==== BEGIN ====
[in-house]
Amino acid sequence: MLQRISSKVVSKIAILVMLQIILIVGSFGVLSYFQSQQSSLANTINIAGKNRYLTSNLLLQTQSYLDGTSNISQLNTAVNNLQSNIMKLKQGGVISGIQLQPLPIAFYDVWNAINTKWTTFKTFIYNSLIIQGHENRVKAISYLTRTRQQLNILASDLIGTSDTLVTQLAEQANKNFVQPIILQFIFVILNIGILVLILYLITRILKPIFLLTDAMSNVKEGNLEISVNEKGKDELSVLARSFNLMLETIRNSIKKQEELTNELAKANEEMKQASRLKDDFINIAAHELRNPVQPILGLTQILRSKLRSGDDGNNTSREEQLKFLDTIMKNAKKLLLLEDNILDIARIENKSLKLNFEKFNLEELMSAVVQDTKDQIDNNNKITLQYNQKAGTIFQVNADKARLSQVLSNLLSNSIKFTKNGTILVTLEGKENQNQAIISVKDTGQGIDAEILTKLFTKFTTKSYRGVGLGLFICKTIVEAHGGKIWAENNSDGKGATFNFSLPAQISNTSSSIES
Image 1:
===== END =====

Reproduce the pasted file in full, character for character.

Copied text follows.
[in-house]
Amino acid sequence: MLQRISSKVVSKIAILVMLQIILIVGSFGVLSYFQSQQSSLANTINIAGKNRYLTSNLLLQTQSYLDGTSNISQLNTAVNNLQSNIMKLKQGGVISGIQLQPLPIAFYDVWNAINTKWTTFKTFIYNSLIIQGHENRVKAISYLTRTRQQLNILASDLIGTSDTLVTQLAEQANKNFVQPIILQFIFVILNIGILVLILYLITRILKPIFLLTDAMSNVKEGNLEISVNEKGKDELSVLARSFNLMLETIRNSIKKQEELTNELAKANEEMKQASRLKDDFINIAAHELRNPVQPILGLTQILRSKLRSGDDGNNTSREEQLKFLDTIMKNAKKLLLLEDNILDIARIENKSLKLNFEKFNLEELMSAVVQDTKDQIDNNNKITLQYNQKAGTIFQVNADKARLSQVLSNLLSNSIKFTKNGTILVTLEGKENQNQAIISVKDTGQGIDAEILTKLFTKFTTKSYRGVGLGLFICKTIVEAHGGKIWAENNSDGKGATFNFSLPAQISNTSSSIES
Image 1: